The UK Network of Buddhist
The Gentle, Persuasive Art of Flying
Flags of Convenience
|If the roots are poisonous, the fruit will be poisonous|
The Network of Buddhist Organisations took shape as a result of meetings convened by the Jamyang Buddhist Centre in London in 1993 for the purpose of inviting the Dalai Lama to the UK. After the visit, the interest of many members diminished. Many, that is, apart from Soka Gakkai UK and the Friends of the Western Buddhist Order (Latterly, the 'Triratna Buddhist Community')
Realising the significant value of the NBO corporate label, representatives of these two highly controversial groups quickly manoeuvred themselves into dominant positions on the NBO's governing body. For them, the NBO label was a very convenient way of maintaining and enhancing status in the UK Buddhist arena, despite mounting criticism of their own, individual organizations nationally and internationally, among Buddhists and in the media. The remaining founding members' intent was, they claimed, the promotion of "greater openness to dialogue and increased co-operation between the many different Buddhist organisations", a somewhat surprising one since both groups had long been widely seen as exhibiting strong isolationist tendencies.
The Network's movers and shakers quickly turned their attention to building credibility via dialogue with other faiths and consultations with Government and other public bodies, including the UK Charity Commission and the Equality and Human Rights Commission. Nationally, the NBO involved itself in the work of the Inter Faith Network UK and internationally in the European Buddhist Union.
|"Honest, I just wanna be your friend"|
NBO membership is scattered over a number of different bodies varying from the traditional to the popular: some of its most influential groups are considered New Religious Movements, with some commentators even going so far as to refer to these as 'cults'. Such a mixture is not surprising in light of the fact that membership is open to any organization which calls itself 'Buddhist' as did, for example, Shoko Asahara's Aum Shinrikyo.
In mid 2006, an internet campaign alleged that the NBO was a 'self appointed' organization which, despite how it presented itself, held no official representative status, and that it was furthermore dominated by three controversial New Religious Movements, Soka Gakkai International, the FWBO and latterly, the New Kadampa Tradition, each of which was employing the NBO as a 'flag of of convenience' after significant criticism of their methods. The long standing chair of the NBO for example, was the leading figure in Soka Gakkai UK. Its educational advisory group was run by a senior member of the FWBO ( an organization with a history of widespread sexual abuse spanning three decades); NKT representatives had become increasingly active in guiding the NBO's chaplaincy work.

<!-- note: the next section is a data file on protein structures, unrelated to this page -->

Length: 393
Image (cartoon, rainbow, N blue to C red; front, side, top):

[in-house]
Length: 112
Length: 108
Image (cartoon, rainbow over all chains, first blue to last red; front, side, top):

The campaign further alleged that, while the NBO portrayed "itself as the representative voice of Buddhism in the UK", it had "almost no ethnic Asian Buddhist members", the NBO Development worker's blog speaking for instance of, " ...the many (UK) Buddhist groups of Asian origin...not...well represented on...forums such as the NBO".
This campaign led to more than a dozen Parliamentary Questions being raised, firstly about the NBO itself and whether the UK Government had done anything to assess its representative status and further, over the appropriateness of Government granting public funds to the three, already extremely wealthy New Religious Movements listed, particularly in light of allegations of 'cultic behaviour' against them, funding which in part, somewhat astoundingly, was given to support their work with children in schools.
|Parliament in the dark, again.|
It emerged in response to these questions that not one government departments had made any attempt whatsoever to assess the NBO's representative status. The Government further indicated that, despite the allegations of cultic behaviour, the three organizations 'fulfilled their funding criteria' and the grants would therefore stand.
Moreover, one government minister claimed that the responsibility for vetting such organizations before allowing them access to minors lay with Schools and Local Authorities, despite the fact that no such explicit government directive exists, vetting schemes only applying to individuals rather than organizations. As the law stands, a member of any illegal or disreputable organization can lecture to children in schools, as long as he has no criminal record.
The NBO issued a response vehemently denying the allegations, both those concerning its representative status and those which alleged cultic behaviour against its three prominent members, claiming the allegations were 'potentially libelous'. Tellingly, it disingenuously asserted that previous condemnations of the FWBO for, amongst other things, systematic sexual abuse had all been 'thoroughly discredited'. In the public domain, on the other hand, the same allegations went unchallenged and indeed have repeatedly been confirmed as accurate. The NBO response also listed some, but not all, of the Parliamentary Questions raised concerning the organization itself and its members; most notably, several questions concerning cultic behaviour which mentioned the names of specific member groups were seemingly deliberately omitted.
|"I swear to tell the truth, the whole truth, and nothing but........|
except where the truth might incriminate me'.
Out of the Frying Pan
In the Spring of 1998, the NBO received a request for membership from the British Buddhist New Religious Movement, the New Kadampa Tradition, a group which had only recently been involved in political protests against the Dalai Lama. Several NBO members considered the NKTs activities incompatible with the NBOs stated aim of promoting dialogue and harmony. Nevertheless, the NBO board saw significant benefits to having such a major player on side; as Lyndon Johnson observed, it was perhaps “Better to have them inside the tent pissing out than outside pissing in". Moreover, the membership of Britain's largest and fastest growing Buddhist organization would certainly contribute to the NBOs perceived credibility and finances.